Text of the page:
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Curious whether there's a way to measure impedance of tube final...

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Author Topic: Curious whether there's a way to measure impedance of tube final...  (Read 236 times)
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« on: July 17, 2020, 07:50:40 PM »

I am wondering if one could rig up a test that measures the complex actual impedance of an output stage. We use pi networks to match them to 50 ohm loads. We use formulas to figure out the approximate values of the network. But can we measure the impedance? Say I have an ordinary single tube class C final, and a VNA. If I just hook it onto the output of the pi network, with the amplifier off, I get some result. If I turn the amplifier on, the VNA will be somewhere between broken and on fire...

I know I can stick a resistor in place of the plate, and then use the VNA on it, but that assumes the plate is a known pure resistance. I could lash up a temporary adjustable bias supply and run the tube with no RF drive, and the bias cranked until the DC operating point matches the tube under drive/load, but will that give an accurate reading? Or would the VNA output turn into fed-back parasitic amplifier output that would blow it up?

Anybody try anything like this before?



Ed, K8DI, warming the air with RF, and working on lighting the shack with thoriated tungsten and mercury vapor...

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« Reply #1 on: July 17, 2020, 08:30:13 PM »

There is a way, but it isn't easy.  In the field, in the presence of other high power broadcast antennas, I used to employ an old HP network analyzer that brought the R, A and B connections to the front of the unit..a 3577 works fine, followed by a broadband amplifier, usually an AR unit, anything from 10 to 150 watts, depending on what I was doing.  This was followed by a high power directional coupler.  I used this to overcome the RF coming onto my curtain antenna from adjacent arrays that had to remain on the air.  I ran in a swept frequency mode ordinarily, but fixed mode is fine too. I plotted return loss, but I could also look at a Smith Chart and get R+j for fun.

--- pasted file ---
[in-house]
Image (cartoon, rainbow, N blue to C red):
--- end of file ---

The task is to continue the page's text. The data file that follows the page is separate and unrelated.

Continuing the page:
And the same technique can be used to determine the input impedance of an amplifier.  Cathode driven amps in particular change impedance with drive level.  We guess and build an input network.  I suspect that grid driven amps change by a lesser amount. 
The point is that modern network analyzers with their QRP power levels don't cut it.  Many run at minus 10 dbm.
Another way to skin the cat would be to use one of the Delta Operating Impedance Bridges, sort of like the old GR916 but built for a bit of power.  You adjust for a null on the detector port and there you are.  I've used them at AM sites in the distant past.  They are hard to find and I can't recall if they are specified for anything above the AM broadcast band.  I don't know how much power one could safely push through a GR916 but I'm not about to find out on mine, even though it sits on the retirement shelf in favor of network analyzers.
73 de Norm W1ITT

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« Reply #2 on: July 17, 2020, 08:51:42 PM »

Oh boy... This is a topic that has been visited several times and finds a convoluted path addressing conjugate match vs. not and the concepts of load pull and on and on.

You might want to read:


as well,  some of the QEX papers on the subject authored by Warren and his trials and tribulations in attempting to find this "dynamic output impedance" of the power amplifier.

I will spare you the details, but in solid state power amplifier design, ONE method of characterizing this so called device output Z is the load pull method. When discussing other classes of amplifier operation such as D, E, F, inverse F and some other alphabet soup classes of amplifier operation, you might want to look at the work of Dr. Steven Cripps. Just google his name along with power amplifiers. There is a wealth of information on what you would think is a simple topic. It is in fact far more involved.


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